At the beginning of the Swadhinata Juddho the Pakistani Army formed paramilitary groups within Bangladesh to aid them in fighting and controlling the Bengali nationalist.
The Shanti (Peace) Committee, Razakar (Volunteer), Al-Badr (The Sun) and Al-Shams (The Moon) were created and assigned a variety of combat and non-combat tasks. These included taking active part in the operations, spying against Mukti Bahini, interrogation, working as the guides of the Pakistani Army, killing and looting, forcing Hindus to convert to Islam, and providing manpower to the Pakistani Army.
Formation of the 'enemy from within'
The term Razakar (Persian for 'volunteer' or 'helper') was originally used in Hyderabad, India, in the 1940s to describe a private Islamic militia organised to support the oppressive rule of Osman Ali Khan and Asaf Jah VII.
In the context of the Bangladesh war of 1971 it came to mean 'collaborator' and refers to those local Bengalis and Biharis who collaborated with the West Pakistani army during the war. There were around 30,000 razakars who were raised after the 1965 Indo-Pak war in case of an Indian attack on East Pakistan and who remained loyal to the state and worked with the Pakistani regular troops
Among these razakars there were two kinds. One was the new militia formed by Pakistan Army who were visible to all, but the other kind – more wicked and treacherous, and often invisible - was the force that worked within the community and bled them internally. This kind, operated as informers, blackmailers, and as plunderers in the dark.
The Razakars, the main collaborators with the Pakistanis, were of two categories: the Mujahids, who were partly armed with obsolete rifles and guns; and the Ansaris, who were armed only with lathis and spears. The Mujahids were almost wholly composed of Bihari or other non-Bengali Muslims; the Ansaris were mainly Biharis but also contained some Bengalis - who of course defected to a man when the uprising started.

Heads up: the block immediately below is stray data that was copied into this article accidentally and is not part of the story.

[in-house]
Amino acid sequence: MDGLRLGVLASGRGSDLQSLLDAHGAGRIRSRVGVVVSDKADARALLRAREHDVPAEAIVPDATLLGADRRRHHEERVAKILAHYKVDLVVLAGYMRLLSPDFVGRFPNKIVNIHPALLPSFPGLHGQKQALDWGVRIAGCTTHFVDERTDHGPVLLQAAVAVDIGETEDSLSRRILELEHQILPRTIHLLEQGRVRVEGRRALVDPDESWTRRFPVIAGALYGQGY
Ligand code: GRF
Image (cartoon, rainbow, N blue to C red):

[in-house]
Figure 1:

The Mujahids remained staunch henchmen of the Pakistanis throughout the genocide campaign and during the operations: they were responsible for innumerable acts of savagery and brutality under Pakistan Army's orders and were used on an organised scale to abduct young women for Pak officers and men. The Ansaris were not nearly as fanatical and, during the operations, large numbers gave themselves up to the Indian Army.
D. K. Palit, author of "The Lightning Campaign: The Indo-Pakistan War, 1971" (1972)
They were not driven by any ideology, but by money, opportunity to grab property and hobnob with the military authority to intimidate their neighbours. Unfortunately, the great majority of these mischief makers could not be brought to justice after liberation as they blended very quickly with the masses.
Ziauddin M. Choudhury, author of "Fight for Bangladesh" (2011)
Alleged 'fanatical' Islamic root of collaborators
Lacking manpower and local knowledge, the Pakistani authorities embraced emerging auxiliary units. After 25 March 1971, the Pakistani government dissolved some former Ansar Bahini who were voluntary forces formed by government of Pakistan on 12 February 1948 and used to help maintain safety and security in rural areas and remotest corners of the country. A large number of Ansars and officers joined the liberation war of Bangladesh during 1971 prompting the Pakistani military rulers to ban to the organisation and killing an estimated 9 officers and 635 Ansars during the Liberation War. The Ansar Bahini were gradually replaced by new, lightly armed razakars, consisting of the small mysterious Al-Badr and the larger Al-Shams. The razakars were formed in May 1971 by the Pakistan government in the model of the Razakar of Hydrabad.
It is widely believed that many of these militant groups were made up of dissident right-wing members from Jamaat-e-Islami (popularly known as just Jamaat), the largest Islamic group in Bangladesh - Nizam-e-Islami and Muslim League. They recruited members by inciting religious hatred as they portrayed the Bangladesh war as 'Mushrik' (Pagan) India and their Bengali agents trying to break up the largest Muslim state in the world (West-East Pakistan). As such many of their members came from college, university and madrasah background to 'protect' Islam from the 'Hindustan onslaught'. Matters were made worse by the close relationship which the Awami League - the East Pakistan's ruling party - had with their neighbour India. This bond exist even today as amongst the leading four parties in Bangladesh (Awami League, BNP, Jamaat-e-Islami and Jatiya Party), Awami League is seen as the most pro-India and secular (religiously neutral) party.